Child President

Report: Trump Schedules More Time for Rage-Tweeting

Written by SK Ashby

Given the nature of the job, your typical president starts the day much earlier than many people do, but Trump is not a real president.

According to Axios, Trump has altered his daily schedule to give himself more time to watch Fox News and tweet about it.

President Trump is starting his official day much later than he did in the early days of his presidency, often around 11am, and holding far fewer meetings, according to copies of his private schedule shown to Axios. This is largely to meet Trump’s demands for more “Executive Time,” which almost always means TV and Twitter time alone in the residence, officials tell us.

The schedules shown to me are different than the sanitized ones released to the media and public.

The schedule says Trump has "Executive Time" in the Oval Office every day from 8am to 11am, but the reality is he spends that time in his residence, watching TV, making phone calls and tweeting. Trump comes down for his first meeting of the day, which is often an intelligence briefing, at 11am.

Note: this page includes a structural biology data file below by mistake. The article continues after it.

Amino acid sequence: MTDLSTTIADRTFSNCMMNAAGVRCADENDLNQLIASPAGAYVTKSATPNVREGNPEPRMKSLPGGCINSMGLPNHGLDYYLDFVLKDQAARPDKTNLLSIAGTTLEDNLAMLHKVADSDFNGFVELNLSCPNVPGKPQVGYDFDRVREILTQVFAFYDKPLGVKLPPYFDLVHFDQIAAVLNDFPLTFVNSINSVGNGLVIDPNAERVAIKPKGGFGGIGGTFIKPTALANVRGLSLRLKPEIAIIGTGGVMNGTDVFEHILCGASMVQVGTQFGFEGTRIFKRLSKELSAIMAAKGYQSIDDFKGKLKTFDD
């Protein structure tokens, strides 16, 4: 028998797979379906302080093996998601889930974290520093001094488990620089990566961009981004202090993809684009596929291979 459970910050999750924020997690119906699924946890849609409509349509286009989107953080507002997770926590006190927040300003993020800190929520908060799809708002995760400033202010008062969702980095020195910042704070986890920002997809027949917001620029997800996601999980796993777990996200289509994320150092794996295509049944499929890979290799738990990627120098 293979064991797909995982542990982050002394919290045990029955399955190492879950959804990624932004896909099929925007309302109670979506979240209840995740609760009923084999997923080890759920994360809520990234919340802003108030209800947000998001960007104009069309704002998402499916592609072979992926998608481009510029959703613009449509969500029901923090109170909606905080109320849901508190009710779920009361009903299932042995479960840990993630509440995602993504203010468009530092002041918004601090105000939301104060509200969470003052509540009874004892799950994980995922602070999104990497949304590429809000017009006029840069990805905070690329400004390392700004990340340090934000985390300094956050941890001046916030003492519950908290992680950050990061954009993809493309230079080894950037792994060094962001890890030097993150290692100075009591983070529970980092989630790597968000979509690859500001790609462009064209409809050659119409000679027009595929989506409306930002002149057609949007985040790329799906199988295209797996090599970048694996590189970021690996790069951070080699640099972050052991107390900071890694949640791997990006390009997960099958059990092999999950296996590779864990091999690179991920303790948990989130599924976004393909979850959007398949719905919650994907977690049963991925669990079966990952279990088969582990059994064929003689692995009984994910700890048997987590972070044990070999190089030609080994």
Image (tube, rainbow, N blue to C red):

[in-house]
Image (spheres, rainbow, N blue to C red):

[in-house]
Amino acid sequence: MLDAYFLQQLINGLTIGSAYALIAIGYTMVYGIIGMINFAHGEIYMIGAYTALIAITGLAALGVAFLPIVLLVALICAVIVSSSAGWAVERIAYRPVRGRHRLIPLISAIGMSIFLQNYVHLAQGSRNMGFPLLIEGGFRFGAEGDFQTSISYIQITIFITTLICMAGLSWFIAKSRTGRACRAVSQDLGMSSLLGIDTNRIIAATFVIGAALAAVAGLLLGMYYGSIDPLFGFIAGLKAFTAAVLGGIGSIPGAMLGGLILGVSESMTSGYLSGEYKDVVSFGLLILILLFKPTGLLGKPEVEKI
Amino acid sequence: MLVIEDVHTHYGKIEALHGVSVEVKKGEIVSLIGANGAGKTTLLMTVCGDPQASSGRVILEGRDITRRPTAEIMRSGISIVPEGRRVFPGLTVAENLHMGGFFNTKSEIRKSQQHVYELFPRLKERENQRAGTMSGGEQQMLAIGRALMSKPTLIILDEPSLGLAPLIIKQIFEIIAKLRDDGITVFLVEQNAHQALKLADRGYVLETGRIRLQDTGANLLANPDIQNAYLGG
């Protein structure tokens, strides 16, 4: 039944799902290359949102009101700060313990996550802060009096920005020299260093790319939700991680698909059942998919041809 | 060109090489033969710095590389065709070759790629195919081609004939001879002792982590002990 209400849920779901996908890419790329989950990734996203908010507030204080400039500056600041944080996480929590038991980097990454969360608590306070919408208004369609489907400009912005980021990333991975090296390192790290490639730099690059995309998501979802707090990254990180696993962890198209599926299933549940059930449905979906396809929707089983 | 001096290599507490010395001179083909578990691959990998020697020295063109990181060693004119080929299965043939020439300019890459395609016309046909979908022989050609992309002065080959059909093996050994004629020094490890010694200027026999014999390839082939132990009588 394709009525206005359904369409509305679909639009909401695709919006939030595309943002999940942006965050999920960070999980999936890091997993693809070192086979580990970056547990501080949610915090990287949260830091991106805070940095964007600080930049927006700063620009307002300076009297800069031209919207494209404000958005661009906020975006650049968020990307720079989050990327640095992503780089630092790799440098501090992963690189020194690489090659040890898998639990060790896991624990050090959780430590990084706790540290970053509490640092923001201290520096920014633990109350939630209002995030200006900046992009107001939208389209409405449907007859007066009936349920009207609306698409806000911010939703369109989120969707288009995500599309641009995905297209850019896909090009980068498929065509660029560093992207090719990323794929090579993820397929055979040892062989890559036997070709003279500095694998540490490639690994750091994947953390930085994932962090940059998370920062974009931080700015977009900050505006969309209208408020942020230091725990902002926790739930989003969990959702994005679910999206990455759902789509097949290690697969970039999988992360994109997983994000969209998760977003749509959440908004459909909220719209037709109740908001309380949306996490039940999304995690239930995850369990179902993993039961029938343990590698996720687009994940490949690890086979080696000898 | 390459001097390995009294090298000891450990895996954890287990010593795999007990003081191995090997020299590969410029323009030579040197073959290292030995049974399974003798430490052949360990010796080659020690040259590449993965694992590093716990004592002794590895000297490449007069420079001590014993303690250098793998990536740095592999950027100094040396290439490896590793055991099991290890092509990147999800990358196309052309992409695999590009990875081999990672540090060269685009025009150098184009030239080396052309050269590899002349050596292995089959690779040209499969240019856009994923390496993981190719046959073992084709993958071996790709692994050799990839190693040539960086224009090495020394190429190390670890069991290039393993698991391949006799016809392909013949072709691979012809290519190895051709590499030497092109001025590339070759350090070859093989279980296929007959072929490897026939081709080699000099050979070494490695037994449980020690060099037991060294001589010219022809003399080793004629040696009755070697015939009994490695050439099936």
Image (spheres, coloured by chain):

This means I start the day earlier than Trump does, and I am not the president. George W. Bush, on the other hand, had me beat by a mile by starting his days at 6:45 am.

Axios also reports that Trump resumes watching TV and tweeting about it when he retires for the evening at around 6 pm, but I think we could have figured that out just by looking at the time stamps on his tweets.

Taken together, we can estimate Trump only spends about 5 or 6 hours each day actually performing official duties. But that's just what his schedule says. It feels far too generous to say he's actually acting as president that amount of time each day. What does he actually do besides yell at the TV, yell at the phone, and sign whatever Mitch McConnell and Paul Ryan send to him?

You can't tell me Trump spends any measurable amount of time formulating policy proposals aside from the fleeting moments of lucidity in which he has ideas that vanish as soon as they're observed.